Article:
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Appreciation for Mark Lawrenson and Liverpool insights; our favourite sportswriting this week

Flick on the kettle…

The great Mark Lawrenson.
The great Mark Lawrenson.
Image: PA

1. A forklift driver at Sean Ward’s fish export factory in Killybegs, Kara was good friends with the owner’s son.

He’d started off working at their petrol pumps, before going on to work in both the bar and fish factory, all owned by the Wards.

Kara tragically died that day after he became trapped in a piece of machinery.

“It’s life-changing. It was just the two of us growing up. You go to being an only child.

“It’s a big difference when you’ve four sitting at the dinner table compared to three…Nobody coming in at two o’clock in the morning to waken you,” Brendan says, his face momentarily lighting up in a half-smile at the memory.

“Your life’s never gonna be the same. It’s a big hole to fill.

“You learn to live with it. You don’t get over it, you just learn to cope more than anything.”

Donegal defender Brendan McCole talks about his background growing up in New York, his family and the death of his brother, Kara, in a brilliant interview with Cahair O’Kane in the Irish News.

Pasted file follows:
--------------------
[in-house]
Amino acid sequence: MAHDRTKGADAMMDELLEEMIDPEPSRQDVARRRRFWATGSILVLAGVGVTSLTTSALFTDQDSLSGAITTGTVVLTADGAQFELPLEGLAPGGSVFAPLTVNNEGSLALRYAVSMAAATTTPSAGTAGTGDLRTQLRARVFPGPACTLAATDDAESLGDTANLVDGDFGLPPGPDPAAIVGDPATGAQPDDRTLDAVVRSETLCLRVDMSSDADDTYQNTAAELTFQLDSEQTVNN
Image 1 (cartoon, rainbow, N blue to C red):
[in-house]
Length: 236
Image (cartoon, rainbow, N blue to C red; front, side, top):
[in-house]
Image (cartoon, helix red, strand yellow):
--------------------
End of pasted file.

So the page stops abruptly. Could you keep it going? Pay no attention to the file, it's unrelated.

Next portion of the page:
2. Lawrenson’s talent – and it really was a talent – was simply to drift unobtrusively into our living rooms, say a few words about marking and drift out again largely unnoticed.

You didn’t need to listen to what Lawrenson was saying. He wasn’t really saying much anyway. Were it not for the occasional twitch and quiver of his moustache you would occasionally forget he was talking at all. He didn’t fume or rant or “destroy” anybody. Indeed in 25 years of watching and listening to Lawrenson I am unable to recall a single distinct opinion he ever expressed, beyond an occasional distaste for diving and the occasional belief – strongly worded and sincerely held – that the striker’s got time to take an extra touch there.

A love letter from The Guardian’s Jonathan Liew to football TV pundit Mark Lawrenson following his retirement.

rory-gallagher-celebrates Derry manager Rory Gallagher. Source: John McVitty/INPHO

3.  Gallagher talks in sharpened conversational jabs, no word wasted, punctuating sentences with colloquial footholds like ‘so it does’ and ‘so it is’, before firing out the next pointed hypothesis. He has at his disposal an extraordinary recall of games, not just dates and outcomes, but the micro-moments that decide them.

His knowledge of boot size, PIN number, and mother’s maiden name of every player in Ireland has won over any dressing room he has walked into as a coach and manager.

But it is the combative, serrated edge of Gallagher’s character that has fuelled his two decades of active duty on Gaelic football’s front lines. His playing career was punctuated by rows with Fermanagh managers he deemed incapable of preparing the team to his standards.